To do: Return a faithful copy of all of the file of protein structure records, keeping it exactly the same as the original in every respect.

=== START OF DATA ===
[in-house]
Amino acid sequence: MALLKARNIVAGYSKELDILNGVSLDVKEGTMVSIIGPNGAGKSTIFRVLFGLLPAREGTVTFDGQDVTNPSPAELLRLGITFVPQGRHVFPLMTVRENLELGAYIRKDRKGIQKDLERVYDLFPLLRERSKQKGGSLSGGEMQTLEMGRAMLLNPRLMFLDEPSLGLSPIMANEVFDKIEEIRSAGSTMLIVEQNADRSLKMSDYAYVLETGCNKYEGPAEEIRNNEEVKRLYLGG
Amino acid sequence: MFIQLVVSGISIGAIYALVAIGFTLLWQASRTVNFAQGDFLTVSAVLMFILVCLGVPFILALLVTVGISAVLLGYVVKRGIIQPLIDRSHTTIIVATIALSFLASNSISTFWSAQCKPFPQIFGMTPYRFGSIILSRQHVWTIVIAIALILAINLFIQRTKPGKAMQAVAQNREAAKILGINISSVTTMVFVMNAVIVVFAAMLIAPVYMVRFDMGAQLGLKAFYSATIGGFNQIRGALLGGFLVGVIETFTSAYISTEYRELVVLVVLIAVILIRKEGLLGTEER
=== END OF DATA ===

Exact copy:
[in-house]
Amino acid sequence: MALLKARNIVAGYSKELDILNGVSLDVKEGTMVSIIGPNGAGKSTIFRVLFGLLPAREGTVTFDGQDVTNPSPAELLRLGITFVPQGRHVFPLMTVRENLELGAYIRKDRKGIQKDLERVYDLFPLLRERSKQKGGSLSGGEMQTLEMGRAMLLNPRLMFLDEPSLGLSPIMANEVFDKIEEIRSAGSTMLIVEQNADRSLKMSDYAYVLETGCNKYEGPAEEIRNNEEVKRLYLGG
Amino acid sequence: MFIQLVVSGISIGAIYALVAIGFTLLWQASRTVNFAQGDFLTVSAVLMFILVCLGVPFILALLVTVGISAVLLGYVVKRGIIQPLIDRSHTTIIVATIALSFLASNSISTFWSAQCKPFPQIFGMTPYRFGSIILSRQHVWTIVIAIALILAINLFIQRTKPGKAMQAVAQNREAAKILGINISSVTTMVFVMNAVIVVFAAMLIAPVYMVRFDMGAQLGLKAFYSATIGGFNQIRGALLGGFLVGVIETFTSAYISTEYRELVVLVVLIAVILIRKEGLLGTEER